University of British Columbia. Centre for Continuing Education

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University of British Columbia. Centre for Continuing Education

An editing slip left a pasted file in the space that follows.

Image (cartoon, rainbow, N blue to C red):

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The provision of extension services that would allow the University to reach out beyond the confines of the campus has been one of the goals of the University of British Columbia since its inception. It first provided university-level education to adult students throughout the province through the Extension Lectures Committee (1918-1935), and later through the Department of University Extension (1936-70). In 1968, a Senate Committee on Continuing Education, proposed the establishment of a centralized administration for extension programs, and a more integrated approach to continuing education. In 1970, the Centre for Continuing Education was established. The Centre administered and, in cooperation with the appropriate University faculties, developed and offered part-time degree programs, professional programs, and general interest programs, and provided personnel, facilities, and administrative support for them. Its Director reported to the President's Office; acted on the advice of the President's Coordinating Committee on Continuing Education; and was responsible for policy and program development, and the direction of the Centre in general. The Centre was also involved in experimental projects and programs focusing on community problems and the unique interests of adults. For example, in 1971 the Centre co-sponsored a conference on the 1970 Report of the Royal Commission on the Status of Women; this eventually gave rise to the Women's Resources Centre. Beginning in 1975, responsibility for credit courses was gradually transferred to Guided Independent Study (now usually known as UBC Access), and the Office of Extra- Sessional Studies. The Centre eventually came to be responsible for providing university- level, non-credit, continuing education in a wide variety of fields, including computer science, educational travel, languages, English for foreign students, humanities/sciences, urban planning, public affairs/lifestyles, and reading, writing, and study skills. In 1991 the Centre, along with Extra-Sessional Studies and UBC Access, was brought under the authority of an Associate Vice-President, Continuing Studies. In 1993 all three units were merged into one unit, "Continuing Studies".


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